17.04.2013 POLICY

Erasmus for All is coming together

The negotiations over European Union´s new Programme for Education, Training, Youth and Sport are progressing. The final decision will be done earliest in May.

The trilogue negotiations between European Parliament, European Commission and EU Council have not been easy, but according to Mikko Nupponen, Assistant Director of the European Department of the Finnish National Agency for LLP CIMO (Centre for International Mobility) the negotiations have entered a more compromise-seeking phase.

Mr. Nupponen spoke in CIMO's Conference on Adult Education in Helsinki on 16 April 2013. He pointed out that no decisions have been made and everything can still change.

Final agreement is close

According to the European Civil Society Platform on Lifelong Learning (EUCIS-LLL) the final agreement should be found in May. Also Mr. Nupponen is hopeful that the decision will be found latest during the summer.

The latest news concerning the programme´s name is that it will remain to be called 'Erasmus for All'.

"The Commission does not want to give up on the name. The Parliament seems to agree if the existing sectorial brand names; Grundtvig, Comenius, and so on, will remain also in the new programme," Mr. Nupponen tells.

Budget still to be discussed

EUCIS-LLL tells that according to EC´s latest calculations, the programme should now get 13 billion euros. In addition it would get 1.18 billion in a different EU budget line for international cooperation. Commission´s initial proposal was 19 billion.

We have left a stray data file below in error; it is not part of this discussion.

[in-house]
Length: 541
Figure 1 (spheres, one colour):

Mikko Nupponen says that in the first year of, 2014, the annual budget of the programme might be same as in 2013.

"But in 2020, the last year of the seven-year-programme, the original plan of increasing the budget with 70 percent in comparison to the current LLP can possibly be reached," he says.

Sectorial allocations are yet to be discussed.

"Adult education, however, will have an own budget and an own sector," Mikko Nupponen confirms.

New programme still seeking its form

The final form of the new programme is yet to be decided upon, but Mr Nupponen gives an outline how it will look.

"The programme will have three main activities: mobilisation, policy cooperation and tools and networks. All the sub-activities are organised under them," he tells.

The current Grundtvig programme has seven different activities. Some of them will end and some of them will be merged with others.

Workshops and Senior Volunteering are almost certainly ending, Assistantships and Visits and Exchanges might still be included, but it is not sure. Learner mobility will be possible as a part of project funding.


Text: Aura Vuorenrinne

Next trilogue meetings between the European Parliament, the EU Council and the European Commission is held on 23 April and 14 May.

Operating grants in danger

Operating grants are administrative support given to European civil society organisations under the current programme (Jean Monnet). In the coming programme, the Commission proposes to finance only civil society organisations´ projects, turning them into service providers. Project running on very specific actions cannot replace civil society organisations´ policy monitoring and advocacy mission. This would seriously jeopardise EU civil dialogue.

EAEA calls its members and partners to defend operating grants for civil society organisations. According to the EUCIS-LLL most EU Member States they have met with seem flexible on this point. Also the Parliament supports Operating Grants, but trade-offs must be made at some point and it is uncertain that the mention of the operating grants will be kept within the final decision.

Operating grants will be discussed in trilogue meeting of 23 April.